Top Blogger Spotlight
She calls herself Scary Mommy, but the only scary thing about this blogger is how frighteningly popular she is. Jill Smokler’s hilarious confessional style brings over 700,000 hits per month to her blog, where she talks about everything from her ideal sister wife and letting her kids eat directly off the floor to her family's unintentional family bed. She’s been named one of Babble’s “Best Mom Bloggers” and is number five on “Top 50 Twitter Moms.” Dying to know more? Read on and get to know this awesome power blogger up close and personal.
I read that you first began blogging with the intention of your blog being an online baby book. When did you realize that your blog was beginning to take a life of its own?
I realized the potential pretty quickly, once people other than my mom and best friend started to comment. When I started to actually form relationships through blogging, I was hooked. I had absolutely no idea this whole world existed and now I can't imagine my life without it.
With 700,000 hits on your blog each month, how do you handle interacting with your readership? Do you ever feel overwhelmed and want a break from technology?
Honestly, not really. I start to feel antsy and nervous if I'm away from technology for too long and sleep with my iPhone. It's just easier to stay on top of things. In terms of interacting with my readers, I do my best. I read every comment, but my responses vary based on the post, the day and a million other circumstances. I always respond to e-mail and tweets, though, and feel like I've made myself very available and accessible. Most of my readers are moms; I feel like we're all in the same boat and hope they understand that I'm only human and have a life outside of the blog.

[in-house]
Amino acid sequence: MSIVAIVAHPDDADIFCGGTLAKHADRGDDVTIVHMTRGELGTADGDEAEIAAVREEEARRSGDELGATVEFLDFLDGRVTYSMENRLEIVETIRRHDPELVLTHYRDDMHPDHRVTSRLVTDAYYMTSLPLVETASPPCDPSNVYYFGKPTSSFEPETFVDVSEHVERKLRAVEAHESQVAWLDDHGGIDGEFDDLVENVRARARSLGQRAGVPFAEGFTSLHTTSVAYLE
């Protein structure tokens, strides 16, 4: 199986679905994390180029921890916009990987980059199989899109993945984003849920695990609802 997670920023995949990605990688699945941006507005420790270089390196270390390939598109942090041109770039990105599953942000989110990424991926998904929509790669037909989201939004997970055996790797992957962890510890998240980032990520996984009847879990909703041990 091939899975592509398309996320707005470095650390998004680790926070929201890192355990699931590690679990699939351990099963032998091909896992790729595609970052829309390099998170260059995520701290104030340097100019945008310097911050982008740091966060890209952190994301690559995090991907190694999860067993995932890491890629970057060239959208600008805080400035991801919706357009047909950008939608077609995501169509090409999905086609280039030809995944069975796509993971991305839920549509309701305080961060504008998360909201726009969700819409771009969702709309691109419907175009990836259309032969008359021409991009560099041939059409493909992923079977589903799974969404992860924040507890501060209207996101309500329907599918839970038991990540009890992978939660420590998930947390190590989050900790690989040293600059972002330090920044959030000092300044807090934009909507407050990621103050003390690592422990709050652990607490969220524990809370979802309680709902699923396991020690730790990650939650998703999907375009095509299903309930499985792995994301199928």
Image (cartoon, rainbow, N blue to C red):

You were quoted on CNN saying that you don't vilify parents who have used medication in attempts to calm their children down. You said, "It's not the end of the world. It's certainly better than being pushed to edge, spanking a child or slamming doors or really losing it."
When I read that, it made me think about how I feel about television. When I was a new mom, I carried all kinds of guilt around any time I let my baby zone out on a Baby Einstein movie so I could take a shower without screaming in the background. But now, six years into it, I don't feel bad anymore when I throw on the TV to get a moment of peace and quiet.
Most parenting books make you feel like if you could just get your ducks in a row, your kids would be perfect angels all the time. But the reality of life with little children is just so different. What are your thoughts on doing what it takes to keep your sanity as a mom?
That's sort of my parenting philosophy. The CNN quote was taken out of context and I really don't endorse medicating your children for your own cause. But, I do believe in taking steps to make yourself a more sane parent. TV won't kill your kids. Being left alone won't kill them. A night without teeth brushing won't cause their teeth to fall out and if they sleep in their clothes, who cares? We are own harshest judges and need to lighten up. It's child-rearing, not a trip to the moon. We can do this!
In addition to your own extremely popular blog, you also write a hilarious weekly column at CafeMom. How do you keep your life in balance and do you have any time-management tips to share with other moms?
A few months ago, I would have scoffed at this question. I was overextended, pushed to the very edge and completely miserable. I was working in social media full time, managing my own site and doing all of the things that go along with marriage and motherhood. One day, I woke up and realized I needed to cut back or I would go totally crazy. So, I did. I quit the job, cut back on some personal stuff and took time to just breathe. Every now and then I'll find myself overwhelmed again and will make an effort to evaluate what's important and what's making me happy. My family comes first, the blog comes second and any other opportunities are just gravy. But it's hard, that balance thing.
>> Keep reading for more Q&A with Jill